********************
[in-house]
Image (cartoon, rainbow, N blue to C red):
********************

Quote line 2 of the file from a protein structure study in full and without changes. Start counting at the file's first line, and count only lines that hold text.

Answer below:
Image (cartoon, rainbow, N blue to C red):